Program designed to train dadsPublished 3:21am Saturday, June 15, 2013
Most people learn parenthood by example, and that’s exactly what a new program aims to do by teaching Alabama probationers how to be better men and better fathers.
Chris Jackson and District Attorney Walt Merrell introduced the concept to members of the Andalusia Lions Club Wednesday. The men said each felt called to address the “absent father” in today’s families, and are doing the program through their church, Bethany Baptist.
To do that, the goal is to begin by reaching young men on probation.
“We want to help them to understand their position in life in being good fathers and good family members,” Jackson said. “We want to help them define what it means to be a good father, what it means to be a man, and what real men do.
“We want to help them gain an understanding that as a man and as a father they have a high priority mission only they can complete,” he said. “We want to help them understand when fathers are involved with their children, great things happen.”
Jackson said that research shows that when the father is present and engaged inside the home, children:
• perform better in school, both academically and socially;
• have higher self esteem and lower rates of depression;
• are less likely to display aggressive or hyperactive behaviors;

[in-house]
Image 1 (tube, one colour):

• are less likely to engage in high risk behaviors (e.g., drugs, truancy); and,
• for boys, are more likely to become responsible fathers themselves.
“Many of the births at Andalusia Hospital are to single moms, and there’s no dad around,” Jackson said. “That’s a disturbing number, and a big percentage of births happen to ladies under 18.
“That means these children, and we’re targeting boys, they don’t have an idea of what it means to be a real man, how to be a leader in the family, how to provide for a family, or any of those things,” he said. “And before you know it, many have turned to crime and they’re standing in front of a judge.”
The program, called “Breaking Free – Developing Authentic Manhood,” looks to break that cycle. The 12-week voluntary program would be offered to the county’s more than 400 non-violent probationers. Classes of 12-15 men would be held at various locations in the county beginning in the fall – two in Andalusia, two in Opp, one in Florala and possible one in the northern portion of the county. Volunteers are needed to help present materials, and male volunteers, called “mentors,” are needed to sit in the class and encourage those participating.
“Who better than to lead the class and be there to say an encouraging word than an older man who knows what it takes to lead a family,” Jackson said. “We want participants to learn by example.”
For more information, or to volunteer, contact Jackson at email@example.com.